There are now lenses that are calculated for the smaller sensor sizes (and still have optically correct focal lengths for the full format). If you use this on cameras with a larger sensor, only a small image circle is displayed. This leaves a black border (3). On the other hand, lenses for large sensors can also be operated on cameras with smaller sensors. In this case, only a part in the middle of the image projected into the camera is used (2).

Connection variants full format (FX) and DX / APS-C format
1. Image circle of the lens matching the camera sensor (FX + FX or DX + DX): The round image circle of the lens is optimally used by the rectangular camera sensor.
2. DX camera and FX lens: Only a section of the image circle of the lens is used by the smaller sensor. This causes a section to be enlarged.
3. FX camera and DX lens: The small image circle of the DX lens cannot use the entire surface of the large sensor. Shadows on the short edges of the picture are possible.

Zoom or fixed focal length?

Many professional photographers swear by the use of prime lenses. Although the focal length on the lens cannot be adjusted - it is fixed - such lenses often produce the best picture quality. They have fewer moving elements and therefore make better use of the space available in the lens to control the light beams. However, you would need several suitable lenses for different scenarios (e.g. different room sizes).

That is why there are zoom lenses in which you can adjust the focal length, i.e. the angle of view on the lens, within a specified range. With these optics, the photographer is much more flexible, but accepts a slight loss of quality in the image. (Admittedly - these are often only visible to the photo professional.) Since real estate professionals have to photograph many different scenarios and they like to travel without heavy luggage, a single one is really good Wide angle zoom lens the basic requirement. In addition, additional lenses can be added later for special tasks (details, panoramas).

What focal length for real estate photos?

So if you want to take full-format images of an average-sized room, then the smallest focal length should have the following value:

  • Full format: between 18 and 24 mm
  • DX / APS-C format: between 12 and 18 mm
  • MFT format: between 9 and 12 mm

With this focal length range, for example, interiors can be created according to all the principles of photography (camera alignment, image composition, etc.) as well as in the technically acceptable range (edge ​​curvature, color fringing, blurring at the image edge). The last-mentioned errors become smaller and smaller when a larger focal length is selected. Therefore, a small increase in the focal length is sometimes enough.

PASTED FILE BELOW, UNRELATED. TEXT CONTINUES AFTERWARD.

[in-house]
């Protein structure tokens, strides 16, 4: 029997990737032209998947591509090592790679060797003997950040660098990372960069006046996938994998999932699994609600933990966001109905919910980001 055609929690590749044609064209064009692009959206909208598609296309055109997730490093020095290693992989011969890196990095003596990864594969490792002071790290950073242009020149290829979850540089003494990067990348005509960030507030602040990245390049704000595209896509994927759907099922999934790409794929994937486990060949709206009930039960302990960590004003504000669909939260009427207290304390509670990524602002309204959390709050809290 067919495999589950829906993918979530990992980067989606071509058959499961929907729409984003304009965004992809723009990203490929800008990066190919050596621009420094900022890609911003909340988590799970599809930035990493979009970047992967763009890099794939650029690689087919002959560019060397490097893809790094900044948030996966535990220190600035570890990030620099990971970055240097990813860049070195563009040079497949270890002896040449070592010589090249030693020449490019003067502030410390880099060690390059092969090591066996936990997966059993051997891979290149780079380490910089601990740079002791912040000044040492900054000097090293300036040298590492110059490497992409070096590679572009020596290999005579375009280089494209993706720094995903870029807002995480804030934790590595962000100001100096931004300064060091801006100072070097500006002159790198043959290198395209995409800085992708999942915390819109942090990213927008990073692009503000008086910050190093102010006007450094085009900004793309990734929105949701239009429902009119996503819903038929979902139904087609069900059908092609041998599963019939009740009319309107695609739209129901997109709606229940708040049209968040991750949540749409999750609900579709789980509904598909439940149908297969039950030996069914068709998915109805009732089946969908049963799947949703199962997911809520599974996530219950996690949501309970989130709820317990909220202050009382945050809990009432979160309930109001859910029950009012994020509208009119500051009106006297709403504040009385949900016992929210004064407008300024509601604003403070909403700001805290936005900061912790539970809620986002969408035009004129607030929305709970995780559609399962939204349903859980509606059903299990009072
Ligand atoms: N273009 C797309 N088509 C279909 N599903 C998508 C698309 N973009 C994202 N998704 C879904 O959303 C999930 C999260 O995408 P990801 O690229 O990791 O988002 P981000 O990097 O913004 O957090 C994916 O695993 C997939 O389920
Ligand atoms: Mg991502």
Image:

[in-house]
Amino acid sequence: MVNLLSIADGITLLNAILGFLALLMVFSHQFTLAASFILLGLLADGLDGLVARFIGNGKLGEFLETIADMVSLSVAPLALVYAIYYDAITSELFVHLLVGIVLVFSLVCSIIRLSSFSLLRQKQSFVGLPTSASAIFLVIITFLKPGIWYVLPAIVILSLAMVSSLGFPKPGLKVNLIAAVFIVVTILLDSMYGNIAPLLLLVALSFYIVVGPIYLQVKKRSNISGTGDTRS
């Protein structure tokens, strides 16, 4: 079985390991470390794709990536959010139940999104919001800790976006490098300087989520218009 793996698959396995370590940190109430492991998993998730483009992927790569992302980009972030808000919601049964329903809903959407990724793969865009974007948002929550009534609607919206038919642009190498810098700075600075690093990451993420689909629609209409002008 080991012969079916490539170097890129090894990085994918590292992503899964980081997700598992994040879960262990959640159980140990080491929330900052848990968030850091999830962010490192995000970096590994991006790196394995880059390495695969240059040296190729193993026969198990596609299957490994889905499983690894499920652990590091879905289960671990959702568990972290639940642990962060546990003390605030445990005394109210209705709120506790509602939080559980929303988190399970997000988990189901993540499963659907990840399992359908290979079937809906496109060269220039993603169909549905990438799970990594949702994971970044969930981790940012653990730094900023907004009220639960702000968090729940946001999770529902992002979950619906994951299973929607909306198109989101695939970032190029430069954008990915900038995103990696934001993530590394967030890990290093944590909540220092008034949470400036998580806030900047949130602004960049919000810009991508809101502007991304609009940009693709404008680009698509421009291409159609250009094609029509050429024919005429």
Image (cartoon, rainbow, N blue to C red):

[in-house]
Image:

Tip 1: If you buy a lens with one slightly larger focal length range than mentioned above (for example 10 - 24 mm for DX), you can easily eliminate the image errors at the maximum focal length by only taking photos from 12 mm. For an absolute emergency you still have a 2 mm focal length available as a reserve.

Tip 2: There are also so-called Super zoom lenseswhich cover a very large range of focal lengths, from wide-angle to telephoto lenses. However, these have two disadvantages for real estate photos: 1. The lower limit in the wide-angle range usually does not come close to the required angle of view. 2. Because of the many lens elements for the many focal lengths, the quality often suffers at the required extreme settings.

What about smartphones?

Smartphones usually have a focal length that is around 28 mm compared to the full frame, depending on the model. Therefore, current models are hardly suitable for real estate photography.

Recommendations for good camera lenses for real estate photography

Maybe one thing in advance. When you buy a new camera, it's best to get it without standard optics. These so called kit lenses are often from poor quality. Then use the savings for a really good wide-angle zoom that suits your system. An old photographer saying goes: "A good lens is at least as expensive as the camera body." This is also based on the consideration that one lens can often continue to be used across several camera generations from the same manufacturer and the same camera class. For example, my first Nikon lens from 1991 is also working on my professional SLR camera and is still producing first-class photos.

These are the recommendations, arranged according to the zoom lenses most commonly used for real estate (excluding Sony). The links lead to detailed information on

Full frame (FX)


for example for the following cameras:
D4, D5, D610, D750, D810, D850


for example for the following cameras:


for example for the following cameras:
A7 series, A9, RX1R, RX1RII

DX / APS-C format


for example for the following cameras:
D500, D3000 / D5000 / D7000 series


for example for the following cameras:
7DII, 70D, 80D, 100D, 200D, 700D, 750D, 760D, 1200D


for example for the following cameras:
A3000, A5000, A5100, A6000, A6300, A6500

Micro Four Thirds Format (MFT)

Olympus / Panasonic

for example for the following cameras:
GH4, GH5, E-M1, E-M10, E-M20

Further equipment recommendations

I post and update a number of gear recommendations on this website. You can find them on the following pages: